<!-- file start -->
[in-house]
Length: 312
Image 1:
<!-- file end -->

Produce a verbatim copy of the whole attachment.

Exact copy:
[in-house]
Length: 312
Image 1: